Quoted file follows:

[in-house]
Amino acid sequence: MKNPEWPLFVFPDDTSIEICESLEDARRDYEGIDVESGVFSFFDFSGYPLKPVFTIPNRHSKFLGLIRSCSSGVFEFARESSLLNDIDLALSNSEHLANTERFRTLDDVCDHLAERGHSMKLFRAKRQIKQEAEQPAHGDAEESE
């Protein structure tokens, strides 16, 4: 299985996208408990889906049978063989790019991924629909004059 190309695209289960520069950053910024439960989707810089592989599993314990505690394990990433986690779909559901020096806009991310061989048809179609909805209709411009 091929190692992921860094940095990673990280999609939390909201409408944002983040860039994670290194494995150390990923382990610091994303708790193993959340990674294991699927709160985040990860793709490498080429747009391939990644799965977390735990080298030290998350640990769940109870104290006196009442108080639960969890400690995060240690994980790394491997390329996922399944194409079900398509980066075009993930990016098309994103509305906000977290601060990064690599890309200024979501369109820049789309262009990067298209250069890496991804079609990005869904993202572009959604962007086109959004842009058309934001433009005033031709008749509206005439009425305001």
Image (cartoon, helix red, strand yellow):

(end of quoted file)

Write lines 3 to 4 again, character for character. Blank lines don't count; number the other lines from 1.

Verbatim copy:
């Protein structure tokens, strides 16, 4: 299985996208408990889906049978063989790019991924629909004059 190309695209289960520069950053910024439960989707810089592989599993314990505690394990990433986690779909559901020096806009991310061989048809179609909805209709411009 091929190692992921860094940095990673990280999609939390909201409408944002983040860039994670290194494995150390990923382990610091994303708790193993959340990674294991699927709160985040990860793709490498080429747009391939990644799965977390735990080298030290998350640990769940109870104290006196009442108080639960969890400690995060240690994980790394491997390329996922399944194409079900398509980066075009993930990016098309994103509305906000977290601060990064690599890309200024979501369109820049789309262009990067298209250069890496991804079609990005869904993202572009959604962007086109959004842009058309934001433009005033031709008749509206005439009425305001």
Image (cartoon, helix red, strand yellow):